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BULLETIN OF MARINE SCIENCE, 81(1): 139152, 2007 139Bulletin of Marine Science
 

Summary: BULLETIN OF MARINE SCIENCE, 81(1): 139152, 2007
139Bulletin of Marine Science
2007 Rosenstiel School of Marine and Atmospheric Science
of the University of Miami
CORAL REEF PAPER
HABITAT ASSOCIATIONS AND AGGREGATION OF
RECRUIT FISHES ON HAWAIIAN CORAL REEFS
Edward E. DeMartini and Todd W. Anderson
ABSTRACT
Associations with structural habitat complexity and the aggregation of individu-
als lessen the risk of predation, and both are commonly observed for recently settled
fishes on coral reefs. On reefs fringing Hawaii Island, such recruits of many fishes,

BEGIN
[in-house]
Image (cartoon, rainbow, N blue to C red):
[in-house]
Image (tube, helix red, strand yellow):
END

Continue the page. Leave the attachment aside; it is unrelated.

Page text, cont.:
particularly two species of surgeonfishes, exhibited strong affinities for branching
finger coral (Porites compressa Dana, 1846), the most structurally complex coral
available in the relatively low-diversity assemblage of Hawaiian reef corals. Recruits
of these species also aggregated with conspecific and heterospecific recruits as they
associated with this coral. That recruits of reef fishes take refuge in the best available
shelter, however, is not a novel observation. More noteworthy is the frequent co-oc-
currence of recruits with other recruits of the same and other species. Our observa-
tions suggest that small juvenile reef fishes aggregate near preferred coral habitat

  

Source: Anderson, Todd - Department of Biology, San Diego State University

 

Collections: Biology and Medicine; Environmental Sciences and Ecology